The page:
How Campus Closures have Affected Graduate Students
The COVID-19 pandemic abruptly changed the way millions of students are learning across the world. No matter the age of the student, they have been impacted by attending face-to-face classes one day and suddenly not returning for the rest of the academic year the next day. Graduate students are no different. For the majority of graduate students, their semesters were at least half way completed when courses were moved completely online. Midterm exams were finished and all that was left was the final push to the end of the semester. Unfortunately, the transition to online learning was difficult for many students.
Many graduate students thrive on the in-class support they receive from their professors and fellow classmates. Listening to lectures and having the opportunity to participate and debate during class was taken from them when online learning began. All grading comes from online participation and assignments. Graduate students in experiential learning courses like student teaching and internships saw their time cut short.
Student support services have also moved online. Students do not have the one-on-one interaction with their academic supervisors and faculty members. Although university personnel have all transitioned their presence into the online world, students are missing the face-to-face support that they are so accustomed to. Library faculty at a Knowledge Bar or reference desk in the library are no longer there for instant support when doing research. Students cannot catch their academic supervisors in between classes just to chat. The social loss of being on a college campus is extremely challenging for so many.
Further effects of campus closures are the many lost academic opportunities. College campuses offer graduate students many areas to further their educational experiences. Research in labs, on-campus clinics, and volunteer events are either no longer accessible or are cancelled. Graduate students are now longing for these additional opportunities that enhanced their coursework and furthered their education.
Ways to Support Graduate Students
There are a variety of technological and non-tech solutions to support graduate students affected by college campus closings. First and foremost, universities and departments have to create online communities for students. Socialization and the sharing of knowledge are a major component of attending a university. Therefore, creating communities in a new way for these students to express themselves will positively impact their educational experiences now that everything is virtual.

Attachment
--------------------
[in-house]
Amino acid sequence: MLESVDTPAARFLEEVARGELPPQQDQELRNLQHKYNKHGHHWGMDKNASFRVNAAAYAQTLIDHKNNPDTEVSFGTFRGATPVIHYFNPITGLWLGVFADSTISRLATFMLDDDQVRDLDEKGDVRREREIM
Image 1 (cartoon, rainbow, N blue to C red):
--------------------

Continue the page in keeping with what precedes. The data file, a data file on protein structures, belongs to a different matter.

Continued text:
Faculty members can create private groups on social media and invite their students to join. There, faculty can keep the chat informal and create a place to check in on how their students are doing. Students can keep in contact with one another in an asynchronous way. Academic supervisors can create their own personal Zoom meeting room with designated drop-in hours so that students can log in as if they were stopping by during office hours. Face-to-face communication is often a much better way to explain a problem and understand a response than over email.
Another way that universities can student support is to have the career service office on their campus provide opportunities to practice skills for job interviewing over Zoom or Google Meet. Online job interviews require an additional set of skills. Many graduate students have never had a job interview over a computer and need to practice those competencies before a real interview.
Graduate students may also run into problems with completing assignments on time with campuses being closed and everyone working from home remotely. Students who were used to studying and doing work in a library or classroom may be struggling with working at home. They may have children at home or siblings that do not afford them a quiet place to get work done or internet problems. Faculty should be flexible about extending deadlines for papers and assignments if their students are struggling for these reasons.
Furthermore, faculty can provide additional teaching opportunities by creating small online group sessions. These additional sessions can allow students the time to hear further explanations of content and the opportunity to ask questions and clarifications in real time. Students may not feel comfortable posting questions in online forums, so providing them these small group sessions will give them the chance to clear any of their misconceptions.
Health and wellness is another realm of need for so many in our world including graduate students. These services need to continue even if campuses are closed. Counseling centers can host virtual sessions on a range of topics from dealing with depression to enhancing study skills from home. These can be closed sessions so that students feel comfortable participating in them if the topic is difficult. Wellness centers can email students weekly with ways to keep healthy and active from home. Students cannot forget about their physical health because it will affect the way that they perform academically. University professionals can also make phone calls to those who were struggling before campus closed and now may be struggling even more. Personalized contact can make the difference of whether a grad student stays engaged with online learning or does not.
Finally, university administration and faculty need to recognize online learning and professional development as a completely new way of life. There are many challenges and frustrations that may come from both graduate students and faculty. However, by acknowledging these struggles and working to constantly improve online learning, all will have a better experience.